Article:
Watch production in the Black Forest
Watch production in the Black Forest

Watch production in the Black Forest

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In the period between the 18th century and the 20th century, watch production in the Black Forest was of global importance. In fact, wall clocks, alarm clocks and grandfather clocks dominated the domestic market as well as exports abroad. The Black Forest stands like no other region directly for traditional watchmaking.

Traditional watchmaking versus world market

If you just look at the numbers alone, the wristwatches and pocket watches of the region play a subordinate role compared to the powerful watch industry from Switzerland. In the Black Forest, it is all about the clocks. In a digital Mail order company Today everyone has the opportunity to equip themselves with the right accessories and pieces of jewelry as well as high-quality watches. But more and more consumers are interested in the manufacture, history and the path that watches have taken in Germany.

When were the first clocks produced in the Black Forest?

It is not that easy to find out when watch production started in the Black Forest. If you look up early clock history yourself, you will find names here, such as Pastor Markus Fidelius Jäck from 1810 and Franz Steyrer from 1796. Both are very well-known clockmakers who come from the Black Forest. However, this information is still not certain. What is relatively certain is that the first Black Forest wooden watches were produced around the second half of the 17th century. At that time, however, the armed conflicts prevented an expansion of production.

Black Forest watchmaking

In the following centuries, the main focus was on wooden clocks, which had their tradition mainly in rural areas. The wood was used as the basic material for the construction of the clocks. Responsible for this were the legal requirements, according to the specifications of which metals were primarily reserved for urban watchmakers. The craft of wooden watchmaking was unlimited and therefore free. In principle, everyone was allowed to make wooden watches at that time. On the long and dreary winter evenings, the Black Forests went about their craft and combined their own romantic dream images with watch production. This helped them achieve undreamt-of, worldwide success. Today the Black Forest clocks represent an entire region and history.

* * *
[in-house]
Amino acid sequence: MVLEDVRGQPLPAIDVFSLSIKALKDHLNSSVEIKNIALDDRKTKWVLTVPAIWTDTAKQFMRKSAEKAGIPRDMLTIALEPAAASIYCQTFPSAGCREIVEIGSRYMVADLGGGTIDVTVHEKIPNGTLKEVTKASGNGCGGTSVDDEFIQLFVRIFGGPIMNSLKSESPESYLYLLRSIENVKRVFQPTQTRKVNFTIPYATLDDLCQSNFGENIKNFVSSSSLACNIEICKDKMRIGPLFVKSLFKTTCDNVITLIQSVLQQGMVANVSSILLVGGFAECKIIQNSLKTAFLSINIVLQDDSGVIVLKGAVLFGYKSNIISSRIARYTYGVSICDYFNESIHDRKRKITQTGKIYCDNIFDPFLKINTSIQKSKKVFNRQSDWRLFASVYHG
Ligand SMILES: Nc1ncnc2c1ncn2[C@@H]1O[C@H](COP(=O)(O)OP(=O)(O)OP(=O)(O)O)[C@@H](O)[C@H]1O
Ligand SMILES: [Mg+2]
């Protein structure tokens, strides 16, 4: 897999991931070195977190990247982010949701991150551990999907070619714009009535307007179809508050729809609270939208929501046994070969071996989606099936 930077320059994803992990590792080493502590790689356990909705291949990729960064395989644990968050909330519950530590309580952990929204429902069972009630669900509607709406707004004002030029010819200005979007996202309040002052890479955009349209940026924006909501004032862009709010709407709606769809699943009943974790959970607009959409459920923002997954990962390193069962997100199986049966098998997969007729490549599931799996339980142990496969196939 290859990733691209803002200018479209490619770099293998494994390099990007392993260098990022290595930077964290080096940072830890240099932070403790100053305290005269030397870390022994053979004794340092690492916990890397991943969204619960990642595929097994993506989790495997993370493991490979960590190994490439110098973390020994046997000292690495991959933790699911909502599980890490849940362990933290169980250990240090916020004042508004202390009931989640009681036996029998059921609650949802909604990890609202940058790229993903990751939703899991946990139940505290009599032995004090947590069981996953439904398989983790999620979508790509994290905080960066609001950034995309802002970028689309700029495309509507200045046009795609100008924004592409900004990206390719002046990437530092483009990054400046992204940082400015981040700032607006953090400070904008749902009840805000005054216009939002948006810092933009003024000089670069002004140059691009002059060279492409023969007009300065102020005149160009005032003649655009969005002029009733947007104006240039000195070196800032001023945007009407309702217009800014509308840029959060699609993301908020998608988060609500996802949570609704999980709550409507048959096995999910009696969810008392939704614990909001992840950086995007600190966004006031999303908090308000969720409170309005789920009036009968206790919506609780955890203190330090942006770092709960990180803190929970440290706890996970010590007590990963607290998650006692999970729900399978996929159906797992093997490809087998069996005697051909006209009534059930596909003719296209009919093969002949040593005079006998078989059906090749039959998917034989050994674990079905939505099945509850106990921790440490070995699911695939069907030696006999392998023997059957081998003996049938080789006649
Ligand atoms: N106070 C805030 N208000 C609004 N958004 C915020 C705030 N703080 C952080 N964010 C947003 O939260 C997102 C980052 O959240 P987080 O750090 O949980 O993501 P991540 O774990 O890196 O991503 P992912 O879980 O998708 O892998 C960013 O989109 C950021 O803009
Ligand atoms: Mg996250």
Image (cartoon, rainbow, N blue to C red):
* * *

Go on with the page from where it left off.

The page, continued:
The development of watch production in the Black Forest

The development only stagnated in the 18th century. In the years around 1840 there were around 1.000 watchmaker's houses in the Black Forest region, in which 5.000 people worked. In this way, around 600.000 wooden clocks could be made every year. Which actually corresponds to the majority of the worldwide production of wooden clocks. From around 1880 the watch industry relocated to the the Württembergische Black Forest. Schwenningen and Schramberg became world centers for the watch industry. The most famous companies in this region include Mauthe, Kienzle and Junghans.

One reason for the rise of this watch production was above all the innovation in the production method and the development of new watch forms. For example, the alarm clock in a metal housing was developed around 1900. It stands as one of the essential examples of the Black Forest watch industry. Contrary to the common development, the focus here is on industrial mass production, following the example from the USA.

What about watch production in the Black Forest today?

To this day, a large part of this watch production has declined from then. While in 1970 32.000 people were still employed in the Black Forest watch industry in the Black Forest, in 2009 there were only just under 1.400 people. The last manufacturers of mechanical watch movements include the company Josef Kieninger and the watch factory Hermle. SBS-Feintechnik is one of the last manufacturers for the mechanical clockworks for a cuckoo clock and has its headquarters in Schonach. If you want to get your own impression of the long and rich history of clocks today, you can visit the German clock museum in Furtwangen. Some Black Forest clocks from earlier years are on display here. At the same time, today a circular route connects the German Clock Route, a memorial for Black Forest clocks and many important locations for clock production.

Image courtesy of Stefan Asal - Datacreate Asal
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